Take the road less traveled.
Cataloging, by its very nature implies acquiring customers via renting lists. For some, that’s prospecting in a nutshell. But most catalogers eventually
go beyond lists as a means to not only grow the business, but also to combat limited list universes,
or as part of an overall expansion into multichannel marketing.
But which directions make sense for your business? There are so many traditional choices, such as co-op databases, inserts, space ads, solo mailings, television or radio advertising. Compound that dilemma with the influx of newer online methods, such as paid search, Amazon.com, eBay and affiliate marketing, and it’s overwhelming. But by focusing on goals before selecting media and tactics, you’ll make better choices and avoid mismatches between your brand and specific options.
Diversification Reduces Risk
A key benefit of multichannel prospecting is reducing risk through diversification. Think about how a financial manager reduces investment risk by diversifying your portfolio with stocks in different sectors, and apply the same concept to customer acquisition. If you only rent lists, you become highly vulnerable to postal increases, deterioration of list-rental universes, etc. When using a variety of prospecting approaches, these things impact you, but your business isn’t decimated.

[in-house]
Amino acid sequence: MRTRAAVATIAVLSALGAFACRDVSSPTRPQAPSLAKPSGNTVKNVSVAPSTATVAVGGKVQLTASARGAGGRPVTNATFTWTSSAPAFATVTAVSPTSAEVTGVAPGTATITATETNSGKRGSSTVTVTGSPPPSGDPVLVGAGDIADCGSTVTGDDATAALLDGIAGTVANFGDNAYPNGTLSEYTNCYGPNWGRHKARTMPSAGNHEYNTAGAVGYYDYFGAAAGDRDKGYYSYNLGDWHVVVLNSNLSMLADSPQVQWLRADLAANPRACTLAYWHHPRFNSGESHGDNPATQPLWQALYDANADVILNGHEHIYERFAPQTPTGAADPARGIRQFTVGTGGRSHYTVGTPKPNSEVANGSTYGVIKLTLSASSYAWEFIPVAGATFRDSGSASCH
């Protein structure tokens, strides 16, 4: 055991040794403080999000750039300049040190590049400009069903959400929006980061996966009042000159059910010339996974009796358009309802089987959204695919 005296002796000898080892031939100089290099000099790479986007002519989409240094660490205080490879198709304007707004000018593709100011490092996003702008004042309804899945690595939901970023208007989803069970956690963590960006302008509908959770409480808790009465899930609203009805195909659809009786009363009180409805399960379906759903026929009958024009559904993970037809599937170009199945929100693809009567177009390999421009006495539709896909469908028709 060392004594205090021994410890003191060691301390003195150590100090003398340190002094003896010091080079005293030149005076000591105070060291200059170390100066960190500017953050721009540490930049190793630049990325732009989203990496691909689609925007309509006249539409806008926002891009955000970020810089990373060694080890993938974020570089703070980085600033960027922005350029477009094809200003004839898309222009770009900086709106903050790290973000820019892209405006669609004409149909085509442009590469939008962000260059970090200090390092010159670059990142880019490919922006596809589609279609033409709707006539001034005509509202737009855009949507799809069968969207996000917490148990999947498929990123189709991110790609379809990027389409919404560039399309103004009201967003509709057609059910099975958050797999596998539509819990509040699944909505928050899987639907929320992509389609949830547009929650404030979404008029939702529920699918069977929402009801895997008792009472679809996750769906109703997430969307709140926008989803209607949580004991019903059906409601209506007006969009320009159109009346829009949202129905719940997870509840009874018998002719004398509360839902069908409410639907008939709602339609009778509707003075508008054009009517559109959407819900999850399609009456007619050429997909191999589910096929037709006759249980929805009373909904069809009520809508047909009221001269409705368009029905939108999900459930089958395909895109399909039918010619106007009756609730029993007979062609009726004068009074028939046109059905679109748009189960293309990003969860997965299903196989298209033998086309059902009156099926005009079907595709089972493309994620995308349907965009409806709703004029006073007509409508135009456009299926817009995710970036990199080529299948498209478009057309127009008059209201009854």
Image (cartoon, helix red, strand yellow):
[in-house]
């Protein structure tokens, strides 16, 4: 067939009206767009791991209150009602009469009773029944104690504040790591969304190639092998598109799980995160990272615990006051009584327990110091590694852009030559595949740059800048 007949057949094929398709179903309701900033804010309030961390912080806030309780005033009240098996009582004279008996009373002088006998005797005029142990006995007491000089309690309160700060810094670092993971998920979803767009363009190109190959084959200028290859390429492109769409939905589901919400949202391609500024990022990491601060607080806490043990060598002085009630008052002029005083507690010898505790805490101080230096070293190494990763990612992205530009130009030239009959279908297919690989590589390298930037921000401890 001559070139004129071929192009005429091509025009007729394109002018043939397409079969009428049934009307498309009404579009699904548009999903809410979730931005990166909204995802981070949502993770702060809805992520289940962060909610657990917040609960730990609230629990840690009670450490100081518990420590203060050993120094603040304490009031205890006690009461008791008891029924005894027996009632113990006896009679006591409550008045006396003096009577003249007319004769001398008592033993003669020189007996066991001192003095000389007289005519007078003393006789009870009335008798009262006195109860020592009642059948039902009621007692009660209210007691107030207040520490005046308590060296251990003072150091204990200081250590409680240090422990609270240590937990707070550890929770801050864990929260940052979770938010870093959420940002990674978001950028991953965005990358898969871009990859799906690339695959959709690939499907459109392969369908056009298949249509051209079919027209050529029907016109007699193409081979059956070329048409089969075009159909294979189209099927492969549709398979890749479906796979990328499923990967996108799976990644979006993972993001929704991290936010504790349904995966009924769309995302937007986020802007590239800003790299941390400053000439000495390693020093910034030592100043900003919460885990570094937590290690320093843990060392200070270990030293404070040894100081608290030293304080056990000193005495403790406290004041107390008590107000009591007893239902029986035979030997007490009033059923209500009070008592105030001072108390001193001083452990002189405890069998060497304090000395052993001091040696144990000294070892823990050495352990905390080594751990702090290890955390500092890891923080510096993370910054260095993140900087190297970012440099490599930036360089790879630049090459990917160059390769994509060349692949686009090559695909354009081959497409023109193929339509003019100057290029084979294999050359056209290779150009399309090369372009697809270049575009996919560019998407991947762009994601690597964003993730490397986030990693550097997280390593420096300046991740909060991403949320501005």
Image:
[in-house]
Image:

What’s more, don’t assume that these newer, “alternative” methods won’t perform as well as the more traditional options. Eileen Schlagenhaft, director of marketing at produce cataloger Cushman’s Fruit Co., says these methods have out-performed many more traditional efforts.
For example, the Crutchfield consumer electronics catalog is “always trying to find new customers beyond traditional list prospecting,” says its director of marketing strategy and catalog production, Michele Rick. “Many of these efforts have not only helped us grow our file; they’ve also made us less dependent on any one program.” Crutchfield uses print, radio, paid and organic search, price comparison engines and affiliates, and Amazon. What’s more, the cataloger has tested eBay.